4th G20 Finance Ministers and Central Bank Governors Meeting


Remarks by Angel Gurría

OECD Secretary-General

Session 1: The Response to the COVID-19 pandemic

OECD, Paris France - Wednesday, 14 October 2020


Dear Ministers, Governors,


Although we continue to navigate uncertainty, we are starting to have a clearer picture of the magnitude of the crisis. The OECD´s September Interim Outlook has shown that almost all G20 countries are suffering an extremely deep recession in 2020. We project the world economy to shrink by 4.5% this year. The hardest hit G20 economies, both advanced (France, Italy, United Kingdom) and emerging (Argentina, Mexico, South Africa) are expected to have declines of around 10% of GDP. In our central projection, the level of global GDP could be 7 trillion US dollars lower by the end of 2021 than we projected prior to Covid-19.

We expect a slow and halting recovery until a vaccine or treatment is widely distributed. The resurgence of Covid-19, notably in Europe, is troublesome and high frequency data suggest the pace of the global recovery moderated in the third quarter after an initial rebound.

Despite a vast range of G20 emergency measures, millions of workers have lost their jobs and have seen their incomes decline. Pre-existing challenges of structural inequalities - including those based on age, gender and employment contract status - have been compounded by the pandemic.

Covid-19 is also acting as a massive reallocation shock that will change the structure of our economies. As noted in the requested recovery report that we will deliver to you in November as part of the Action Plan´s commitments, fiscal and monetary policy support will continue to be crucial, ensuring policies are adapted and targeted to where they are most effective. At the same time, it will be necessary to promote structural and transformative policies through action on 3 main fronts:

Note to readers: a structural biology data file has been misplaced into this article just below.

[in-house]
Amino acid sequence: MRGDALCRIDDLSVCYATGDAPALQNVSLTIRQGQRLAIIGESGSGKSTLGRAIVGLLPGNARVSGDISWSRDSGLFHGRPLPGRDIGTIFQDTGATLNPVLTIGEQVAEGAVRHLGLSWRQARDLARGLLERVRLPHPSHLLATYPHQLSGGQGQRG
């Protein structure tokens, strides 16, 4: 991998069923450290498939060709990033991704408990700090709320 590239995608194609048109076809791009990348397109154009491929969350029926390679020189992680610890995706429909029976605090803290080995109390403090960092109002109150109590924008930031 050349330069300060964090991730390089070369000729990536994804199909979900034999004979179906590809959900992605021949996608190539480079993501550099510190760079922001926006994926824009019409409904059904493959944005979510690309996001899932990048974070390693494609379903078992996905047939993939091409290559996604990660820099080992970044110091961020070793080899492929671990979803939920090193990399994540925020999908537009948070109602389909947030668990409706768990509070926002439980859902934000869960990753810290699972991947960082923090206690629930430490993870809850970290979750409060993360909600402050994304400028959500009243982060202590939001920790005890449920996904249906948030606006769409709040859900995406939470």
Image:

First, fostering the reallocation of resources and boosting productivity and growth by adapting job retention schemes to encourage job search, removing barriers to worker mobility and firm entry, increasing competition and facilitating firm restructuring.

Second, supporting people to find new jobs via re-skilling and job placement policies, with a strong emphasis on building digital skills – especially for the low skilled and other vulnerable groups – and strengthening income protection mechanisms.

Third, reinforcing sustainability and resilience by increasing public and private investments, especially in resilient infrastructure, health systems, digitalisation, education and training, and lowering emissions; while reviewing public spending and shifting towards broader, more diverse revenue sources. With regards to infrastructure, let me highlight the report we just delivered to you on the resilience of infrastructure systems against multiple dimensions and risks.

These efforts will need to be complemented by stronger international co-operation in five key areas: i) manufacturing and distributing health equipment and vaccines; ii) reducing trade policy barriers to promote efficient and robust GVCs; iii) the taxation of multinationals in an increasingly digitalised economy; iv) building an environmentally more sustainable economy; and v) preventing sudden capital outflows and sovereign debt crises. The G20 must continue to lead global efforts on all these fronts. Please count on the OECD!





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